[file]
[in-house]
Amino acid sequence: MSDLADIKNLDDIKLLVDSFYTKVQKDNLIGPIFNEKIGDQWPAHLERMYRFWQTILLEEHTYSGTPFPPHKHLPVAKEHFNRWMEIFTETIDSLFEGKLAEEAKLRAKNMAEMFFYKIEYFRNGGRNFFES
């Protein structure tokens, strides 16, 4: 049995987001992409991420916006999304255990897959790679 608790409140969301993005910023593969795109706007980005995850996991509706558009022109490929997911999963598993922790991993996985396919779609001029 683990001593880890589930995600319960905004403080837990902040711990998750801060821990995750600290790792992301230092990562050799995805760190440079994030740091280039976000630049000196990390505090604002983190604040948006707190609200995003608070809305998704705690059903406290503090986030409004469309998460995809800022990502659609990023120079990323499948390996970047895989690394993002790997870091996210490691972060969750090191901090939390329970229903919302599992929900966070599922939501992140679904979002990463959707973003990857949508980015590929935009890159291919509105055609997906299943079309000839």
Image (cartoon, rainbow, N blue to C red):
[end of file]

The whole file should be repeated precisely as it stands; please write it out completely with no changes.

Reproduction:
[in-house]
Amino acid sequence: MSDLADIKNLDDIKLLVDSFYTKVQKDNLIGPIFNEKIGDQWPAHLERMYRFWQTILLEEHTYSGTPFPPHKHLPVAKEHFNRWMEIFTETIDSLFEGKLAEEAKLRAKNMAEMFFYKIEYFRNGGRNFFES
């Protein structure tokens, strides 16, 4: 049995987001992409991420916006999304255990897959790679 608790409140969301993005910023593969795109706007980005995850996991509706558009022109490929997911999963598993922790991993996985396919779609001029 683990001593880890589930995600319960905004403080837990902040711990998750801060821990995750600290790792992301230092990562050799995805760190440079994030740091280039976000630049000196990390505090604002983190604040948006707190609200995003608070809305998704705690059903406290503090986030409004469309998460995809800022990502659609990023120079990323499948390996970047895989690394993002790997870091996210490691972060969750090191901090939390329970229903919302599992929900966070599922939501992140679904979002990463959707973003990857949508980015590929935009890159291919509105055609997906299943079309000839």
Image (cartoon, rainbow, N blue to C red):